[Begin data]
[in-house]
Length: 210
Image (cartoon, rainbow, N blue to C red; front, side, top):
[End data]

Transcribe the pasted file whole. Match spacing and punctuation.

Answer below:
[in-house]
Length: 210
Image (cartoon, rainbow, N blue to C red; front, side, top):